Before he died, Jacob summoned the twelve sons and blessed each one. Two hundred and thirty-three years later, Moshe did the same thing with the 12 tribes of Israel. Jacob’s blessings to Zebulon and Issachar were that Zebulun dwell at the seashore where he would be a harbor for all ships; Issachar would be a strong ass, couching down between the fences. Jacob then told Zebulun to rejoice in his excursions and Issachar in his tents.
The sages explain that these two brothers and subsequently tribes made a partnership. Zebulun dwelled at the seashore, and would go out in ships to engage in trade and make a profit, and support Issachar, who sat and occupied himself with the study of Torah.
Every Jew, whether by vocation a Zebulun or an Issachar, includes both activities in his daily schedule. The most involved businessman or laborer is not free of the obligation to study Torah daily. And even the most faithful students of Torah must participate in the give-and-take of economic life, and is told that this, too, must be made part and parcel of his life as a Jew and his relationship with G-d.
The four sons of the handmaidens- Dan, Naphtali, Gad and Asher- are the four motifs that accompany the daily life of the Jew: judiciousness, engagement, blessing and saturation.
“G-d gave me justice,” proclaimed Rachel upon the birth of Jacob’s first son by her handmaiden, Bilhah, and named him Dan, which means “judgment”. “Dan shall be the judge of his people,” Said Jacob as he blessed him. The Talmud says that if you meet a person who is forever insisting on justice, this is a sure sign he is from the tribe of Dan. Note this is an attitude of strict judgment with no mercy; the letter of the law without considering the spirit of the law.
Napthali means “engagement” and “connection”- Bilhah’s second son was so named by Rachel to signify the fact that “I have engaged my sister, and I have prevailed”
Both Jacob and Moshe blessed Asher, with the blessing of oil. “His bread is saturated with oil,” said Jacob; “he dips his feet in oil.” blessed Moshe. In Torah law and Chassidic teaching, oil signifies the quality of saturation: the nature of oil is that when it comes in contact with something, it permeates it in its entirety.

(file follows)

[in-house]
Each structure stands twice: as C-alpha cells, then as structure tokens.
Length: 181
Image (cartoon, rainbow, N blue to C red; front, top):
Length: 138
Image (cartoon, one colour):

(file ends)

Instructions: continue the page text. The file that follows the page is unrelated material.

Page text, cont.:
Finally, Gad means “blessing” and “good fortune.” “Good fortune has come,” said Leah upon giving this name to Zilpah’s elder son.
So as the Jew prays ( Ruben, Simeon, Levi and Judah), studies (Issachar) and deals (Zebulun), whether the perfect holiness of the tzaddik (Benjamin) or the transforming struggles of repentance (Joseph), the four sons of the handmaidens attend his every deed and endeavor: a judiciousness that measures everything against exacting standards of right and wrong (Dan); a sense of connectedness to G-d and perpetual engagement with Him (Naphtali); a holistic approach to life, in which one is fully invested in what one is doing so that it saturates one’s thoughts and feelings, and every nook and cranny of one’s being (Asher); and the recognition that we cannot do it on our own– that everything we achieve must be aided by G-d’s blessing our efforts with success (Gad).
By the way, did you ever consider why we pray three times a day as did Daniel and the other lovers of G-d?
Rabbi Joshua ben Levi said:
“Our patriarchs instituted the three daily prayers. Abraham instituted the morning prayer for it says in Genesis 19:27 “Abraham got up early in the morning to the place where he had stood before G-d.” Isaac instituted the afternoon prayer, as it says in Genesis 24:63 “Isaac went out to mediate in the field toward evening. “Jacob instituted the evening prayer, as it says in Genesis 28:11 “He came to a certain place and stayed the night there, because the sun had set.”
Haftarah connection (Hoshea 12:13)
Hoshea uses the constant obstacles that Yaakov faces as a starting point for admonishing the Israelites, who have already begun to forget G-d. The people have taken on idol worship and believe that that their own ability is responsible for their wealth and power, just as we see in many countries of the world today. As discussed above, we must learn and remember that all power and success come from G-d at His choosing. Yaakov recognized this fact throughout his life as should we with every breath we take. The L-rd’s use of judgement, love, and mercy is summarized in Hosea 14:9. Efrayim had turned away from G-d (13:16;14:1) and would die as a result.
The people wanted human kings and G-d gave and removed them (Hos.13:11). It didn’t take long to realize the folly in asking for a human king over the King of Kings as the nation’s leader. The first king was the Efrayimite leader Jeroboam, who set up gold calves at the very place named by Jacob (Beit-El)! This was done to keep the people from going to the Temple. What’s worse, no Israeli king ever repudiated Jeroboam’s idolatrous actions (1Ki.14:16;15:30;16:2,13,19,26,31;22:52;2 Ki.3:3;10:31;13:2,11;14:24;15:9;18,24,28;17:22; summarized in 2 Ki.17:21-23). Not until Efrayim went through 19 kings were they held accountable. Efrayim died to patriarchal leadership. Terach, who was also an idolatrous individual and a 19th generation son of Adam, died, cut off from his son Avraham (Gen 11:32). W all of these events and rebellion of G-d’s people, He still promised to restore Israel (Hos.14:1,5-9; 2,6-10) that will happen when Yahshua returns as Messiah ben David.
B’rit Chadashah: Yochanan (John) 1:43-51